Just came across a good book for midlife career professionals. This career book comes with a rather grim title, but a decent sub-heading: Die Empty: Unleash Your Best Work Every Day.
The author’s premise is that you don’t know how long you’ve got to live. Your work is your legacy. So live each day as though it’s your last.
The book itself is better than the premise. Here are some takeaways to think about:
On page 10: Comfort is dangerous. We’ve been through that discussion.
Page 11: There are many ways you can add value to the world, while operating in your sweet spot. OK, you might have heard that too: you’re not just destined to do ONE thing. You’ve got many options.
But here’s a great point on the same page: “Opportunities become clear over time as you act, like film developing slowly in a darkroom.”
Whew … That’s a great point. Instead of navel-gazing, get out and do stuff, and your opportunities, gifts and choices will open up.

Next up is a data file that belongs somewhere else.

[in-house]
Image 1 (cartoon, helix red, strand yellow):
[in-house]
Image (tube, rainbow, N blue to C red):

And early in the book, Todd Henry talks about the 3 kinds of work – making, mapping and meshing. Making is how you take action and do the work. Mapping is, of course, planning. Meshing means integrating your work into a bigger picture so you’ve got a sense of where you’re going.
You need all 3 types of work to make an impact. for instance, mapping + meshing – making = dreaming
As a final example, on page 97 Henry talks about three kinds of goals – step, sprint and stretch. Step means doing one thing every day towards your goal. Sprint means taking short bursts of energy – maybe a week or two of intensity followed by time off, and then starting again. A stretch goal means developing a skill that takes you out of your comfort zone; it has to be something you can control, such as upgrading your speaking skills or learning something new.
Not a bad choice for ideas to start the new year.
By the way, if you’d like to talk this over, check out the career strategy session – we can plan your own steps.